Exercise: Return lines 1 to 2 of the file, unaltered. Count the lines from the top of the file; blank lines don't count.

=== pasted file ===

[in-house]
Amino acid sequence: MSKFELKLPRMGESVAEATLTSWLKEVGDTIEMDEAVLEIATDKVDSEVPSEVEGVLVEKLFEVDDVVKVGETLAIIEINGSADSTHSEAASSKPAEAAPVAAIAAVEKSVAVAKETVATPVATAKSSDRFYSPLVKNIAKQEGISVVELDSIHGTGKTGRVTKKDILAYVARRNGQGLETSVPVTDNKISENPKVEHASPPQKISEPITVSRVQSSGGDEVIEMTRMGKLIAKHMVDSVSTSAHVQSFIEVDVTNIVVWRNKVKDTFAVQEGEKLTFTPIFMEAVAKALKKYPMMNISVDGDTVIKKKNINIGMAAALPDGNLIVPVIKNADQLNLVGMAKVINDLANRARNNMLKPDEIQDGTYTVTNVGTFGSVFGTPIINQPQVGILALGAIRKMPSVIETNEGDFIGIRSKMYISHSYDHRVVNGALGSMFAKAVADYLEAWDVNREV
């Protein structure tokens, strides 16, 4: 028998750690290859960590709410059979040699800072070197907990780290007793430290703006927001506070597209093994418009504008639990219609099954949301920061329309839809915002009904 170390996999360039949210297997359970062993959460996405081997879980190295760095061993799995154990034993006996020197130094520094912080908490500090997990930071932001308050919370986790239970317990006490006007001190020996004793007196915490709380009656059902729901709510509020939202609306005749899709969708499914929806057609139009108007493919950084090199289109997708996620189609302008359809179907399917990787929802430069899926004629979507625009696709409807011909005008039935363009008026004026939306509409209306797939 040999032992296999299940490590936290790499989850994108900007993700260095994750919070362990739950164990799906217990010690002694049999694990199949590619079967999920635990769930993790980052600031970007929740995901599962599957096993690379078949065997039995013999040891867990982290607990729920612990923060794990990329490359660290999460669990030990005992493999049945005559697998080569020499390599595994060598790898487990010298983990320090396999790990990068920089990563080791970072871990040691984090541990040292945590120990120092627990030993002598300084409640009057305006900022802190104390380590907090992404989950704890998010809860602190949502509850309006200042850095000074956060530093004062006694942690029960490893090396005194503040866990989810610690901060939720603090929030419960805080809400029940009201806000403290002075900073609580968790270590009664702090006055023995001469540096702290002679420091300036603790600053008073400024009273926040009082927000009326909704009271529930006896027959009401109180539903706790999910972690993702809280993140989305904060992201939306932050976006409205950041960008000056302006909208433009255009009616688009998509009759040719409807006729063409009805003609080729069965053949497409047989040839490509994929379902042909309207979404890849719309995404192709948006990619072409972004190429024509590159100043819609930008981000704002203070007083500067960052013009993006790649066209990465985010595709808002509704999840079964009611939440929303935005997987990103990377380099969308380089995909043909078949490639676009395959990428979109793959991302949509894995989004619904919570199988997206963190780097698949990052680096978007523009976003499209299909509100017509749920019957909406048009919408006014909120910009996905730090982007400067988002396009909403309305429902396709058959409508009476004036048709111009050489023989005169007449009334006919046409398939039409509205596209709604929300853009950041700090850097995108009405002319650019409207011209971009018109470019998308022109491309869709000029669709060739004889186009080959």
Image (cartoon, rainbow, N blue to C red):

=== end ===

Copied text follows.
[in-house]
Amino acid sequence: MSKFELKLPRMGESVAEATLTSWLKEVGDTIEMDEAVLEIATDKVDSEVPSEVEGVLVEKLFEVDDVVKVGETLAIIEINGSADSTHSEAASSKPAEAAPVAAIAAVEKSVAVAKETVATPVATAKSSDRFYSPLVKNIAKQEGISVVELDSIHGTGKTGRVTKKDILAYVARRNGQGLETSVPVTDNKISENPKVEHASPPQKISEPITVSRVQSSGGDEVIEMTRMGKLIAKHMVDSVSTSAHVQSFIEVDVTNIVVWRNKVKDTFAVQEGEKLTFTPIFMEAVAKALKKYPMMNISVDGDTVIKKKNINIGMAAALPDGNLIVPVIKNADQLNLVGMAKVINDLANRARNNMLKPDEIQDGTYTVTNVGTFGSVFGTPIINQPQVGILALGAIRKMPSVIETNEGDFIGIRSKMYISHSYDHRVVNGALGSMFAKAVADYLEAWDVNREV